On February 17, 2013, [Plaintiff] had no medical insurance. [RCHSD] failed to provide her with a minimally adequate medical screening examination to determine whether she had an emergent medical condition based on her presenting signs, symptoms, and history in the same manner as the hospital provides other patients with the same or similar signs and symptoms who are insured.
(FAC ¶ 33.) Although Plaintiff alleges she had no medical insurance when she was seen in RCHSD's emergency department, she does not allege any facts plausibly establishing that RCHSD provided Plaintiff with screening that was different from screenings provided to other patients who are insured. The Court finds Plaintiff's conclusory allegation of disparate treatment is implausible under the Iqbal pleading standard. See Iqbal , 556 U.S. at 679.
Accordingly, the Court GRANTS RCHSD's Motion to Dismiss Plaintiff's EMTALA claim to the extent it is based on disparate treatment.
2. Medical Negligence Claim
RCHSD moves to dismiss Plaintiff's medical negligence cause of action on the ground that the Court lacks subject matter jurisdiction over this claim. (ECF No. 28-1 at 19.) RCHSD argues that, because Plaintiff cannot state an EMTALA claim, there can be no supplemental jurisdiction over Plaintiff's state-law medical negligence cause of action. (Id.)
While the Court has partly dismissed Plaintiff's EMTALA claim, Plaintiff's EMTALA claim based on inappropriate screening still stands, leaving subject matter jurisdiction under 28 U.S.C. § 1331 intact. Accordingly, the Court DENIES RCHSD's Motion to Dismiss Plaintiff's medical negligence claim.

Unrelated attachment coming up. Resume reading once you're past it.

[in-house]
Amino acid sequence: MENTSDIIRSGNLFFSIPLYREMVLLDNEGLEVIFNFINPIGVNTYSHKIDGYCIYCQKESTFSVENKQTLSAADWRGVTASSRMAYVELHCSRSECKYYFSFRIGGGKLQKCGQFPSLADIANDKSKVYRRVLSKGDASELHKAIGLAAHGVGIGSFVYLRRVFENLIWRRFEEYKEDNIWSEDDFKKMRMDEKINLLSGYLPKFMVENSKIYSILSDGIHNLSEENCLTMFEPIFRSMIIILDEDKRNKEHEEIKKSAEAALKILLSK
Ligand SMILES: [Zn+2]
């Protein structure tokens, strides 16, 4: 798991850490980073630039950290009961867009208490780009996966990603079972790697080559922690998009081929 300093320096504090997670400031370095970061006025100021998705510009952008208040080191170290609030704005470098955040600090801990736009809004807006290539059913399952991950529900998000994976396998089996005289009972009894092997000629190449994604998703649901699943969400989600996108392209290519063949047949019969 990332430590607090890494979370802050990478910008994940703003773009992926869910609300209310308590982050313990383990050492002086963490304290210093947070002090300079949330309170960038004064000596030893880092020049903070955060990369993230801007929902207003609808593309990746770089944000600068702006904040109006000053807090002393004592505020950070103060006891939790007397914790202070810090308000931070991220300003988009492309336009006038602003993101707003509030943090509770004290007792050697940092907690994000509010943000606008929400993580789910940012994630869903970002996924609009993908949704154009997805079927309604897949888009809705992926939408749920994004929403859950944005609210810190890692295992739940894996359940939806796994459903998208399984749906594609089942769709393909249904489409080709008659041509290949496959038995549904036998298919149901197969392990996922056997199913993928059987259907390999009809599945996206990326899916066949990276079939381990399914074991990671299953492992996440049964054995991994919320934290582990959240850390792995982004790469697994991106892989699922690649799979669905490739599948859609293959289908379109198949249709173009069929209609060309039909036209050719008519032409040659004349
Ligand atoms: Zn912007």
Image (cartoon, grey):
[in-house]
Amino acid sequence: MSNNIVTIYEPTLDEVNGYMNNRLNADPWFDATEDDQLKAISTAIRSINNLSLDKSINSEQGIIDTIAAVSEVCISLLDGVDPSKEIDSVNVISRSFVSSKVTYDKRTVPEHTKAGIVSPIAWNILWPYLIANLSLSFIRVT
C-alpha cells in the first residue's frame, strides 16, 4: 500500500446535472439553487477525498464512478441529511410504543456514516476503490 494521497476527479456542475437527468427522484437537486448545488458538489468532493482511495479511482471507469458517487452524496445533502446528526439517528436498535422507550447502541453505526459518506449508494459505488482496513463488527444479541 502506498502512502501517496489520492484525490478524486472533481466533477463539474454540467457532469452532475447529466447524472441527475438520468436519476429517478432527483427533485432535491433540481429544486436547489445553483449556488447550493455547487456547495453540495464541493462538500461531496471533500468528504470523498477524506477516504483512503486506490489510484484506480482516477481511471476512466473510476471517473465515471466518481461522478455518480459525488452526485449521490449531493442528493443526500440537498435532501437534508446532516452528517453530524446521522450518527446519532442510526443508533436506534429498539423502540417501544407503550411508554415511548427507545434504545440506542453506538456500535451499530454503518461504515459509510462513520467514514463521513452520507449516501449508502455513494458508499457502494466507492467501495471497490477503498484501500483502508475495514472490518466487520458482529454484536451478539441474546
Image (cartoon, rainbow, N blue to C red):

3. Timeliness of Plaintiff's FAC
RCHSD further moves to dismiss Plaintiff's FAC on the ground that Plaintiff failed to obtain the consent of opposing parties or the Court to file an amended complaint as required by Federal Rule of Civil Procedure 15(a)(1)(B). (ECF No. 28-1 at 19; ECF No. 44 at 8.) Plaintiff fails to respond to this ground for dismissal.
While Plaintiff's FAC was untimely, see Fed.R.Civ.P. 15(a)(1)(B), the Court declines to dismiss Plaintiff's FAC on this ground. Given the stage at which Plaintiff filed her FAC and the policy of freely granting leave to amend when justice requires, see Howey v. United States , 481 F.2d 1187, 1190 (9th Cir. 1973), the Court would have freely granted Plaintiff leave to amend her initial Complaint in response to the then-pending motions to dismiss. Indeed, Plaintiff missed the twenty-one-day filing deadline under Rule 15(a)(1)(B) by only four days. Moreover, to the extent that Plaintiff's filing of her FAC can be deemed a "response" to the then-pending motions to dismiss, Plaintiff's FAC was timely under the Court's May 27, 2014 Order Setting Briefing Schedule. (ECF No. 19.)
C. Leave to Amend
Finally, Plaintiff has requested leave to amend the FAC should the Court grant Defendant's Motion to Dismiss the EMTALA claim. (ECF No. 40 at 12.) Where a motion to dismiss is granted, "leave to amend should be granted unless the court determines that the allegation of other facts consistent with the challenged pleading could not possibly cure the deficiency.'" DeSoto v. Yellow Freight Sys., Inc. , 957 F.2d 655, 658 (9th Cir. 1992) (quoting Schreiber Distrib. Co. v. Serv-Well Furniture Co. , 806 F.2d 1393, 1401 (9th Cir. 1986)). Finding Plaintiff's pleading defects curable, the Court grants Plaintiff leave to amend the FAC to cure the deficiencies noted herein.
V. CONCLUSION AND ORDER
Based on the foregoing, IT IS HEREBY ORDERED that:
1. RCHSD's Motion to Dismiss, (ECF No. 28), is GRANTED as to Plaintiff's EMTALA claim based on disparate treatment and DENIED as to Plaintiff's EMTALA claim based on inappropriate screening and as to Plaintiff's medical negligence claim;
2. The hearing on RCHSD's Motion to Dismiss, currently set for August 15, 2014, is VACATED; and
3. If Plaintiff wishes to file an amended complaint to cure the deficiencies noted herein, Plaintiff shall do so on or before September 5, 2014.